“Bamboo” is still a word that makes zoo horticulturists cringe; and considering it’s aggressive nature, rightfully so! It is impossible to miss the dense, linear and somewhat oppressive stands of this plant as you tour the zoo grounds. As theming was being developed for Lehner Family Foundation Wild Asia, critical decisions had to be made by horticulture staff about an inevitable bamboo collection.
Bamboo has been a staple in zoo plant collections across the country for decades because it has “the look.” No plant can visually transport zoo visitors from suburban Akron, Ohio to the forests of Asia quite like bamboo. It immerses the observer in a jungle-like atmosphere, hiding any air-conditioner unit, maintenance shed, or security fence that might detract from the “wild” experience. It grows rapidly, creating dense thickets. Plus, it makes a great snack for our red pandas, so why wouldn’t a zoo horticulturist want it everywhere?
As a public garden, the Akron Zoo carefully considers all of the characteristics of the plants in our collection. While our plan favors plants that are native and non-aggressive, there are still certain instances when zoo theming and animal-friendliness are the traits that ultimately drive our plant choices.
Horticulture Manager Kris Jackson would describe bamboo as “extremely persistent.” There are many tips and tricks to containing bamboo that nursery workers will try to sell you on while peddling the plant. In our experience, though, running types of bamboo - like our most commonly used, Phyllostachys nuda or ‘nude sheath bamboo’ - do whatever they want to do! They are typically unfazed by many forms of attempted “containment.” Here at the zoo, frustrated horticulturists have witnessed this subterranean spread underneath sidewalks, fences, and even into animal habitats!
The apple-green culms of our nude sheath bamboo have caught the eyes of zoo visitors for years. While we appreciate this attention from our guests, we have done our best to discourage them from creating invasive nightmares in their own yards. We offer lists of plants that are much less aggressive, and much friendlier to the Ohio landscape. The conclusion we have come to, however, is that we must actually lead by example. When fielding questions about our bamboo, it is sometimes a tough conversation. For many years, I’ve told guests “do as I say, not as I do” as far as buying and planting the stuff.
Luckily, the conversation is going to become much easier with better practices that have been incorporated throughout Wild Asia. Most bamboo areas are surrounded by concrete. Additionally, we have installed thick plastic deep into the ground around our bamboo to prevent new plants from spreading underground. This is neither a cheap nor an easy solution, but an entirely necessary one for containing a plant with invasive qualities. We also plan to clear-cut sections to revitalize the individual culms as the plants age, as well as fertilize the stands on a regular basis, so that they have nutrient-rich soil. This may seem counter intuitive, but by providing nutrients where the bamboo is planted, it discourages bamboo from spreading its roots to find “food” elsewhere. By stressing the aggressively proactive lengths that zoo horticulturists will need to go to for the long-term care of this needy plant, we hope to discourage the average homeowner from biting off more than they can chew!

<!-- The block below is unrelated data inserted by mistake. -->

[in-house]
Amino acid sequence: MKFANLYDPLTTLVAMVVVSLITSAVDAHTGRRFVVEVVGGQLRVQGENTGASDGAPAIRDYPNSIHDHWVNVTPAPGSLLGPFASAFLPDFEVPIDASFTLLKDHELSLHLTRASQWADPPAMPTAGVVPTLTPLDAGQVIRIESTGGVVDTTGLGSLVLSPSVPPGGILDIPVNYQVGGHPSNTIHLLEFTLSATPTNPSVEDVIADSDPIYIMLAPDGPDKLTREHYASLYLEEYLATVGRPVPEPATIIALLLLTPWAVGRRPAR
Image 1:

There are options, however, if someone absolutely has their heart set on bamboo for their own garden. Clumping bamboos, Fargesia rufa and Fargesia scabrida are much friendlier species for Ohio backyards. Their growth-habit is similar to an ornamental grass, growing thicker each year, but without the pesky underground runners. These bamboo varieties develop attractive red and green checkerboard-patterned canes when mature, and can provide screening much like running bamboos, they are just a bit shorter. Both of these Fargesia species will be present in Wild Asia.
‘Nude sheath bamboo’ has the largest presence in Wild Asia because of dense screening qualities and cold hardiness. However, if you look closely, you will also be able to view: ‘yellow groove bamboo’ (Phyllostachys aureosulcata); ‘blue bamboo’ (Phyllostachys nigra); ‘green Chinese timber bamboo’ (Phyllostachys vivax); and ‘black bamboo’ (Phyllostachys nigra.) throughout the area.
All of the bamboo species in Wild Asia are on an approved list of plant material that can be used for animal enrichment or diets called the “browse list.” If you see animal care staff members cutting large clumps of bamboo, they are either taking them to the red pandas as a food source, or to other animals to chew on or play with.
Building a collections plan for any public garden is a challenge; when you add that public garden to a zoo, the challenges are unique and endless! Our bamboo management here at the Akron Zoo is just one example of how we are working to protect our native landscape while still providing an immersive experience that benefits both zoo animals and zoo visitors alike!